The Uncommon Desire for Greatness

Everyone wants to be great, I’m sure. But the extent of this actually varies tremendously from person-to-person. When seen from a wider perspective, all of life seems meaningless. We will all die, and in a few hundred years’ time (with a few exceptions), be completely forgotten. There’s no escaping it. I was reading 1 Kings today (for a class, I admit), and was struck by the description of King Solomon’s greatness.

 20 The people of Judah and Israel were as numerous as the sand on the seashore. They were very contented, with plenty to eat and drink. 21 [a]Solomon ruled over all the kingdoms from the Euphrates River[b] in the north to the land of the Philistines and the border of Egypt in the south. The conquered peoples of those lands sent tribute money to Solomon and continued to serve him throughout his lifetime.

22 The daily food requirements for Solomon’s palace were 150 bushels of choice flour and 300 bushels of meal[c]; 23 also 10 oxen from the fattening pens, 20 pasture-fed cattle, 100 sheep or goats, as well as deer, gazelles, roe deer, and choice poultry.[d]

24 Solomon’s dominion extended over all the kingdoms west of the Euphrates River, from Tiphsah to Gaza. And there was peace on all his borders. 25 During the lifetime of Solomon, all of Judah and Israel lived in peace and safety. And from Dan in the north to Beersheba in the south, each family had its own home and garden.[e]

26 Solomon had 4,000[f] stalls for his chariot horses, and he had 12,000 horses.[g]

27 The district governors faithfully provided food for King Solomon and his court; each made sure nothing was lacking during the month assigned to him. 28 They also brought the necessary barley and straw for the royal horses in the stables.

29 God gave Solomon very great wisdom and understanding, and knowledge as vast as the sands of the seashore. 30 In fact, his wisdom exceeded that of all the wise men of the East and the wise men of Egypt. 31 He was wiser than anyone else, including Ethan the Ezrahite and the sons of Mahol—Heman, Calcol, and Darda. His fame spread throughout all the surrounding nations. 32 He composed some 3,000 proverbs and wrote 1,005 songs. 33 He could speak with authority about all kinds of plants, from the great cedar of Lebanon to the tiny hyssop that grows from cracks in a wall. He could also speak about animals, birds, small creatures, and fish. 34 And kings from every nation sent their ambassadors to listen to the wisdom of Solomon.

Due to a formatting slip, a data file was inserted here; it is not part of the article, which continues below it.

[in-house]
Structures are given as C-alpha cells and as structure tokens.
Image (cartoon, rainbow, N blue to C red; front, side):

1 Kings 4:20-34

Solomon was undoubtedly astoundingly powerful during his time, but what does it amount to today? Sure, he must have some effect on history that lives on today– including my blog post about him. But there’s nothing in this post for him personally. What does it amount to in eternity? It all seems so insignificant. Part of the reason I’ve done stuff differently from other people is that I want to stand out in the crowd.

Anyone can be silly or stupid to stand out. There are thousands and thousands of students who do their homework, live life to the fullest, get accepted to Harvard or the top schools. I don’t want to be like them. That’s boring. There are many things lots of people are doing. There are hundreds of authors who have written bestsellers, hundreds of bands who have famous hits. Is that unique? Not at all.

What is special, then? I don’t claim to have it figured out, but one thing is that I try to stand out from others in a different way. There are many people I look up to, usually those who are smart or appear so. I like to go as far as I can with the stuff I love: computers and technology. That’s why I signed up to be Google Ambassador, and recently, Firefox Campus Rep. I may be the only one of my kind at USC, but there are probably others like me at other schools. So what can I do differently? Why is it better to be different, anyway?

This is also part of the reason I believe in Jesus. Without him, what else can explain the world? Even if we consider that he either doesn’t exist or isn’t who he said he was, that doesn’t make anything better.

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